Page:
The fire boats came out into the harbor to meet us, and were spraying their water hoses in the air. Also ferry boats, with music on their loud speakers, and girls dancing on the decks, came alongside our ship as we slowly came into dock. It really was some great welcome home for us. As soon as I stepped off the gang plank, I bent down and kissed that New York ground. That made me remember that I had kissed the ground in Florida, just before getting into our plane and leaving the USA. 

In the February 1995 issue of Ex-POW Bulletin there was a poem by Ellie Fier, dedicated to her husband who flew B-17s in World War II. He was shot down and became a German prisoner of war. A part of the poem was this: "War is a nasty thing ... It never goes away ... It lives inside the combat men ... Until their dying day." How true for most veterans. 

Let me say here that it was a great honor to serve our country and con­tribute to the Allied efforts in the struggle to overcome the Axis powers. It also was special for me to be a member of the group of men and women that formed the United States Eighth Army Air Force Bomber Command. 

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This "Mighty 8th" was never known to have been turned back by enemy action while on a mission, although they did suffer tremendous losses. Approximately 9000 bombers were knocked out of the sky, which caused some 26,000 crewmen to lose their lives and leave some 18,000 wounded. In addition about 28,000 became prisoners of war. I consider myself a very lucky person, as an ex-prisoner of war, to have returned home. So many did not come home, and of those that did, most have some permanent injury to their physical and or mental health. 

In World War II, the total figure for captured and interned American POWs was 130,201. Of this number, 14,072 died while in captivity. As of January, 1982, there were about 88,000 ex-POWs still living, but that figure has now dropped to 52,531 living as of January, 1998. I thank God I am still alive today, June 8th, 1998, my 74th birthday.But as Father Time reaches out for us, the number of living ex-POWs and other veterans of the World War II generation is decreasing rapidly. There are fewer of us as each day passes. 

My wife Frances, oldest daughter Janice and I had a wonderful trip to Georgia in April to visit the "Mighty 8th Air Force" Museum, and to attend the Grand Opening of the new Prisoner of War Museum. I certainly hope that before I die I will get to see the World War lI Memorial now planned to be built in Washington, DC, our nation's capital, to honor everyone in our generation of Americans who helped to win World War II. 

I believe that during World War II, more than 16 million American men and women were involved in the Armed Services. More than 400,000 died for their country, and 1-1/2 million came home wounded. Reasons for POW deaths were numerous. Some died from lack of food and medical atten­tion; some in escape efforts; some expired while on forced marches or from exposure in the extreme cold weather; some perished in air raids or even friendly fire; some were massacred or executed while a prisoner. All POWs endured their fair share of personal suffering and sacrifice. The welfare of the prisoners was not a high priority for the Germans, and this was especially true in the Far East concerning the prisoners of the Japanese. It can be said that only the fortunate ones lived to come home, and they all wonder why they became the fortunate ones.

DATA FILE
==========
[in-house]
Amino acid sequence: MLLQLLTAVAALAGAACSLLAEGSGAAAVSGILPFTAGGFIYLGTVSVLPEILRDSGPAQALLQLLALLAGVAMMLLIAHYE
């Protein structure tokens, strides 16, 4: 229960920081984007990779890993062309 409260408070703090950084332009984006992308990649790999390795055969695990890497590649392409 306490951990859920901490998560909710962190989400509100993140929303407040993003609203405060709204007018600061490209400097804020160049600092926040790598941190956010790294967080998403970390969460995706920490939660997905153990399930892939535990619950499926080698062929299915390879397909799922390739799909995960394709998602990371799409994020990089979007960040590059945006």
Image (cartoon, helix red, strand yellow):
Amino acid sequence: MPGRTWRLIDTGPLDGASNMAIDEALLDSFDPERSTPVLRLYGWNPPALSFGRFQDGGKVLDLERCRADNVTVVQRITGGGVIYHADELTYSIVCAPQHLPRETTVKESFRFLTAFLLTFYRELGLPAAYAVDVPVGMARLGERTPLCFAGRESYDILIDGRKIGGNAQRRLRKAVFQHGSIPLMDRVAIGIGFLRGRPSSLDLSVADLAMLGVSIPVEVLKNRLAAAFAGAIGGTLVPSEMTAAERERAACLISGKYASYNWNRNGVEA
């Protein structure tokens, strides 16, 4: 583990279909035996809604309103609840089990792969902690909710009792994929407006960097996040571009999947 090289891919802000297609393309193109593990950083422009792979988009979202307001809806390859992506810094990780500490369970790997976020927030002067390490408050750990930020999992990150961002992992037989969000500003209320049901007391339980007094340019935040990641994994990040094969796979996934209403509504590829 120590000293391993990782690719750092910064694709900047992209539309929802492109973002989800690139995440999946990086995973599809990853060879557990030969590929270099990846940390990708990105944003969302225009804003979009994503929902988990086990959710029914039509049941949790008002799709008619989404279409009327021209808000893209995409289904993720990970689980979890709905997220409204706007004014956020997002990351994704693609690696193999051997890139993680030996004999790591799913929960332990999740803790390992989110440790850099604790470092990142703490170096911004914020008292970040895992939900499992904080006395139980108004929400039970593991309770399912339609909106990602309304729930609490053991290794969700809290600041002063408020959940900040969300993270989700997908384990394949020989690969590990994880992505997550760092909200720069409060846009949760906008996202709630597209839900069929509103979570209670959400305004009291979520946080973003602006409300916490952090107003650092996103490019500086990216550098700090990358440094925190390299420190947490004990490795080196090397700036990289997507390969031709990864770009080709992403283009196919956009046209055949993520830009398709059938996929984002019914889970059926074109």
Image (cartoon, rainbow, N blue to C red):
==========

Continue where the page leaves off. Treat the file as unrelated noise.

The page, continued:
What is the price of our freedom? Who paid for it? Ask anyone from an Allied nation whose homeland was bombed and ravaged by this war. Ask any family that lost a loved one. Ask those men and women who served in the armed forces. Especially, ask those who were prisoners of war. They all know freedom is not free, and that a terrible price was paid. 

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2nd Lt. Robert F. Atkins passed away on March 24, 2015 at the age of 95 in Downers Grove, IL.
He was born in Chicago, IL. July 2, 1919. He's is survived by his wife Violet Atkins, his soon

Robert F . Atkins Jr. and his daughter Barbara Nicholson.

You may contact me, Robert Atkins Jr. at:

Sent from my iPad


TARGET: Berlin DATE: 1944-05-24  
AIRCRAFT: "Times A Wastin'" (42-102528) CAUSE: EAC  




The enclosed photo is of the Neil Jesperson crew that went down on either their 18th or 19th mission, depending on who you talk to. We were in the 349th Squadron and were shot down by fighters on one the several disastrous missions that our group had during the war. Our particular day of bad luck was on May 24th, 1944. This was a Berlin mission and I believe this was the day of no return for nine 100th planes.
The following will identify those in the photo. From left to right, standing in the rear is: Frank Gronkowsky, Radio Operator; George Kostoulakos, Engineer; Robert Atkins, CoPilot; Neil Jesperson, Pilot; Burton Seely, Navigator. From left to right in front: Frank Fischer, Ball Turret Gunner; John Durrenberger, Tail Gunner; John Legg, Armorer and Waist Gunner; Thomas Kiriako, Waist Gunner. Inset is the Bombardier, Joseph Savino. Joe probably took the original picture and later someone added what looks like a school photo of Joe. (100th Photo Archives)

Henry N. Jespersen crew (left to right)
Standing: Frank Gronkowsky, Radio Operator; George Kostoulakos, Engineer
Robert Atkins, CoPilot; Neil Jesperson, Pilot; Burton Seely, Navigator
Kneeling: Frank Fischer, Ball Turret Gunner; John Durrenberger, Tail Gunner
John Legg, Armorer and Waist Gunner; Thomas Kiriako, Waist Gunner
The crew photo does not include Joe Savino. It is assumed he was the photographer that day. 



Crew 1

ID: 142